A PROBATIONER'S THREE OBJECTS.
During the period wherein a man is under probation, he is supposed to be developing three things:—
1. The ability to contact his group, or in other words, to be sensible of the vibration of the group of which some particular Master is the focal point. He contacts it at times and at rare intervals at first. During the early part of his probation, whilst he is under observation, he can only sense and hold the group vibration (which is the Master's vibration) for a very brief interval. He will at some high moment link up with the Master and with the group, and his whole being will be flooded with that high vibration, and surge upward in an outburst of his group colour. Then he will relax, drop back and lose the contact. His bodies are not refined enough and his vibration is too unstable to hold it long.
But, as time progresses (longer or shorter according to the earnestness of the pupil) the frequency of the times of contact increases; he can hold the vibration somewhat longer, and does not relax back to normal with so much ease. Then the time comes when he can be trusted to hold the contact fairly stably. He passes then to the second stage. 
2. The second thing he is supposed to be developing on the probationary path is the faculty of abstract thought, or the power to link up with the higher mind, via the causal body. He must learn to contact the lower mind simply as an instrument whereby he can reach the higher, and thus transcend it, until he becomes polarised in the causal body. Then, through the medium of the causal body, he links up with the abstract levels. Until he can do this he cannot really contact the Master, for, as you have been told, the pupil has to raise himself from his world (the lower) into Their world (the higher).
Now both these things—the power to touch the Master and the Master's group, and the power to polarise himself in the causal body and touch the abstract levels—are definitely the result of meditation, and the earlier letters you have received from me will have made this clear. There is therefore no need to recapitulate the earlier imparted data, save to point out that by strenuous meditation, and the faculty of one-pointed application to the duty in hand (which is after all the fruit of meditation worked out in daily living) will come the increased faculty to hold steadily the higher vibration. Again and again would I reiterate the apparently simple truth, that only similarity of vibration will draw a man to the higher group to which he may belong, to the Master Who represents to him the Lord of His Ray, to the World Teacher Who administers to him the mysteries, to the One Initiator Who effects the final liberation, and to the centre within the Heavenly Man in Whose Body he finds a place. It is the working out of the Law of Attraction and Repulsion on all the planes that gathers the life divine out of the mineral kingdom, out of the vegetable and animal kingdoms, that draws the latent Deity from out of the limitations of the human kingdom, and affiliates the man  with his divine group. The same law effects his liberation from subtler forms that likewise bind, and blends him back into his animating source, the Lord of the Ray in Whose Body his Monad may be found. Therefore the work of the probationer is to attune his vibration to that of his Master, to purify his three lower bodies so that they form no hindrance to that contact, and so to dominate his lower mind that it is no longer a barrier to the down flow of light from the threefold Spirit. Thus he is permitted to touch that Triad and the group on the sub-plane of the higher mental to which he—by right and karma—-belongs. All this is brought about by meditation, and there is no other means for achieving these aims.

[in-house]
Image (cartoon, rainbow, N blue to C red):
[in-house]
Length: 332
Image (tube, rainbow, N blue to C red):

3. The third thing the probationer has to do is to equip himself emotionally and mentally, and to realise and prove that he has somewhat to impart to the group with which he is esoterically affiliated. Think upon this: too much emphasis is laid at times upon that which the pupil will get when he becomes an accepted disciple or probationer. I tell you here, in all earnestness, that he will not take these desired steps until he has somewhat to give, and something to add that will increase the beauty of the group, that will add to the available equipment that the Master seeks for the helping of the race, and that will increase the richness of the group colouring. This can be brought about in two ways that mutually interact:—
a. By the definite equipping, through study and application, of the content of the emotional and mental bodies.
b. By the utilisation of that equipment in service to the race on the physical plane, thereby demonstrating to the eyes of the watching Hierarchy that the pupil has somewhat to give. He must show that his one desire is